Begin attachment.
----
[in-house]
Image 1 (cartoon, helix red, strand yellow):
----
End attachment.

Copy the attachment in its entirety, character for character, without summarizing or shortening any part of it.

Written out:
[in-house]
Image 1 (cartoon, helix red, strand yellow):